7mm Dux covered is 8.6 mm...or 11/32" diam. has a breaking strength of 15,500lbs.

3/8" 316 SS wire breaking strength is 14,500 lbs. breaking strength.
Wire 3/8 in. 1x19 SS Type 316 (per ft.): Mauri Pro Sailing

The wire comes in at 3.45 ft. per pound
Dux comes in at 44 ft. per pound

I just got the roll of 7mm we will rig Ranns boat with.

328 ft. weighs 7.5 lbs.

Or if you used 7.5 lbs of 3/8 316 wire you would get 25.8 feet of wire.

You cannot even rig one stay with the same weight you would rig and entire 34' Searunner with......:-)

We just got the OK to do Nigel Calders new boat in Sweden...:-) It will be the biggest Monohull so far.
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Old 01-09-2009, 05:35   #411
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A fine Cruising Trimaran

Some Time ago I cruised with Harry Haight and his wife on the Western Coast of Thailand - One day Thailand's top Navy brass came to visit and asked to come aboard - they were astounded by the amount of space.
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Old 01-09-2009, 13:50   #412
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This is a subject that I have not seen discussed regarding Searunners... In an effort to get more "hip room" in the double bunk in our Searunner 34, I am considering cutting off the bunk area 1X2 that supports the cockpit seat end & back, over the bunk area. (on the frame you face, when sitting up in the bunk) This ply joint would then be rounded over & glassed around the edge, about 1/8" thick & several inches wide, with staggering layers of Bi ax or the like. It would give almost 1 1/2" more turning room, ang the strength would be replaced by the glassed over joint. (like much of the boat) Has anyone done this? Any reason not to do it?
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Old 01-09-2009, 14:14   #413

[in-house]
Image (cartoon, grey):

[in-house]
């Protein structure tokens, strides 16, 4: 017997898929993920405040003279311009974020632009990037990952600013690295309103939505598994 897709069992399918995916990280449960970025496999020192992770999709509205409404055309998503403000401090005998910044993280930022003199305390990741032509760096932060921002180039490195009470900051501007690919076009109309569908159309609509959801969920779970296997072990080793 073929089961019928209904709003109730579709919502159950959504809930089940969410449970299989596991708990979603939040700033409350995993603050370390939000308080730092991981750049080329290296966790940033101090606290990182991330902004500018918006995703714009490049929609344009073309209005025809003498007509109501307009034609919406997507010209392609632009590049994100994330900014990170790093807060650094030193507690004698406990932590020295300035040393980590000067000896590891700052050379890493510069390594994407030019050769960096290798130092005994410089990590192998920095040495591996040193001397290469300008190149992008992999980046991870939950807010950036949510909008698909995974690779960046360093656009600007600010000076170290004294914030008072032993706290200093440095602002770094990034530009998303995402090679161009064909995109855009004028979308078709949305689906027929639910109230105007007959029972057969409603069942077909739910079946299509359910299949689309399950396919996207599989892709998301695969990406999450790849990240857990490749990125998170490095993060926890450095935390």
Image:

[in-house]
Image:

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Welcome aboard Mark!

I do not know anyone who has done this. I have considered (every time I crawl into it) enlarging the "holes" in the Fwd. stowage area down low, next to the centerboard. There is a lot of deep dark space there to utilize, but to get at it is almost impossible!.....I have also considered a sliding rack. I know these openings are structural and make the Searunner very stiff. Would like to pics if you take this project on.
I was wondering, is your boat up and running, are you cruising, into a rebuild etc.....:-)
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Old 01-09-2009, 14:23   #414
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Some Time ago I cruised with Harry Haight and his wife on the Western Coast of Thailand - One day Thailand's top Navy brass came to visit and asked to come aboard - they were astounded by the amount of space.
Laidback welcome!

I am wondering if that is the boat that was built in the Phillipines.

I have been to this shop and they do very nice work.

Boatshop Philippines, Inc. | Portfolio
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Old 01-09-2009, 14:47   #415
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Hip room